Production and selection of markers. Auxotrophs available in fungi, are difficult to obtain in human cell cultures. Moreover, the recessive mutations will not express themselves due to heterozygosity. The latter difficulty is overcome, since loss of chromosome with dominant allele in cell cultures may allow the recessive mutation to express. The mutations which affect the utilization of nucleosides or free bases for nucleotide synthesis have been used for this purpose. The free bases or nucleosides may be produced not as intermediate products in nucleotide synthesis, but are produced due to nucleic acid degradation. For cell economy they are used again with the help of a number of salvage enzymes. Some of these salvage enzymes include the following (i) HGPRT (hypoxanthine-guanine phosphoribosyl transferase) converts guanine into guanylic acid and hypoxanthine (inosine) into inosinic acid, (ii) APRT (adenine phosphoribosyl transferase) converts adenine into adenylic acid, (iii) TK (thymidine kinase), converts thymidine into thymidylic acid. A medium could be prepared, on which these three enzymes are essential for growth of cell hybrids. This was called HAT medium. If now a base analogue like bromodeoxyuridine (which was highly toxic if incorporated in the nucleic acid), was used in the medium, cells deficient for a salvage enzyme (thymidine kinase in this case) will prohibit incorporation and therefore, such deficient cells only will survive. These will be characterized as resistant to this toxic drug and will grow on HAT medium supplemented with thymidylic acid, since thymidine kinase is absent.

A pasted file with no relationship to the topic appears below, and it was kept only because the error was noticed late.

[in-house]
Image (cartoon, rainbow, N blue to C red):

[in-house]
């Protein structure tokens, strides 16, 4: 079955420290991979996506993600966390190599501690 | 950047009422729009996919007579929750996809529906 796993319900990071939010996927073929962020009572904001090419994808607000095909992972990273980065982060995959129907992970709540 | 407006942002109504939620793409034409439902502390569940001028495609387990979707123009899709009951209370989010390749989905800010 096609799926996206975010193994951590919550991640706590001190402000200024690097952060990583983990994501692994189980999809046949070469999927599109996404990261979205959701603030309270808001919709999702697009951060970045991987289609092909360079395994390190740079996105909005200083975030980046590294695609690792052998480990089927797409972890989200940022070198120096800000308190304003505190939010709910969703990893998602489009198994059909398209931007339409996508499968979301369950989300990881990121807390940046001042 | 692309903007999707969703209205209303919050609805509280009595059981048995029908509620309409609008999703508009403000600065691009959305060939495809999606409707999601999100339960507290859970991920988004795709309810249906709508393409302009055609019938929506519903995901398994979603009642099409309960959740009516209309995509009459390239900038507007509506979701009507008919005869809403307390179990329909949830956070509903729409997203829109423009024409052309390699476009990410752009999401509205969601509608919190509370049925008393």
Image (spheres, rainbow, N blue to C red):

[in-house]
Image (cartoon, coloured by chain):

Assignment of markers to chromosomes. If cells (mouse cell line) resistant to a toxic drug like bromodeoxyuridine are hybridized with normal human cells, the derived hybrid cells on repeated divisions in HAT medium lose all other human chromosomes except the one responsible for synthesis of thymidine kinase. The growth of cells on HAT medium takes place only when these cells synthesize thymidine kinase, besides other enzymes. This exceptional human chromosome was always found to be the same i.e. chromosome 17 and could be identified by banding technique. The gene for thymidine kinase could thus be located on chromosome 17 of humans.

Using resistant lines for several markers, independence or linkage between several genes could be worked out. Differences between human and mouse enzymes could also be worked out and a number of such enzymes could be identified. In these cases absence or presence of enzyme was not used, but instead migration of enzyme on electrophoretic gel, was used, as a criterion. Of the 17 enzymes, 14 could be lost independently of not only each other, but also independent of the remaining three enzymes which were always lost together. The genes for 14 enzymes thus should be located on separate chromosomes and the three linked genes for enzymes HGPRT, G6PD (glucose 6-phosphate dehydrogenase) and PGK (phosphoglycerate kinase) were later found to be present on X-chromosome.